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U.S. Attacks Impact Livelihood of Syrians in Northeast

Millions of Syrians living in areas under the control of IS have already felt the impact of the attacks of the coalition
U.S. Attacks Impact Livelihood of Syrians in Northeast

Besides their military impact, the air strikes by U.S forces on the Islamic State in eastern Syria are also having a significant humanitarian impact.


On Tuesday last week, the U.S. air force, with support from Saudi Arabia, the UAE, Qatar, Jordan and Bahrain, launched attacks against various positions in Syria, most of which were said to be controlled by IS and other Takfiri groups.


While the military effect of these attacks is yet to be assessed, their economic impact has already been felt. According to reports from various sources, including activists and monitoring groups, the attacks have already damaged grain silos near the town of Manbij, east of Aleppo, an oil market, also near Manbij, and several makeshift refineries across the eastern part of the country.


The DEZGAS gas processing plant, better known as Conoco, which was under the management of the French oil company Total before the beginning of the uprising, has also been targeted, although it has apparently not been damaged.


It is difficult to value the cost of the damages inflicted on these various projects but their impact will be particularly significant given that economic and social conditions in areas held by ISIS are already very poor and production activity is almost non-existent.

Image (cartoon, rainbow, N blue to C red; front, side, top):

On September 30, the US said that the majority of oil refineries used by IS had been destroyed. Although the formal objective of destroying these refineries is to prevent IS from generating money, their impact will also be felt by the population.


These refineries are used to produce gas oil, which is the main means of heating for the population and is also used by farmers to run their various machines and equipment. Therefore, the destruction of the refineries will have a negative impact on the next agricultural season, also meaning that the price of agricultural products will become more expensive, they will prevent people from heating themselves properly during the winter season, and they will increase transportation costs.


Already, in Deir-ez-Zor, the price of gasoline and gas oil has reportedly increased because supplies of these two products have decreased.


Meanwhile, the grain silos of Manbij used to produce enough flour to feed 1 million people every day. In the last two years, given the increasing poverty of the population, the inflation and the poor agricultural crop, the consumption of bread had become more important than ever before for most of the population. If no alternative to supply flour and bread is found, the destruction of the silos is likely to have an important humanitarian impact across Syria’s northeastern region.


Until then, neither the regime nor IS had dared destroy the silos, which makes it very difficult to understand the motives of the Americans.


Beyond the headlines and the threat posed by IS, the American attacks have reminded all that under the control of IS live millions of Syrian civilians that have already suffered from more than three years of war. Also, only a week after they began, the attacks have already confirmed what everyone knew: America’s approach in Middle East conflicts takes no account of the plight of the populations.


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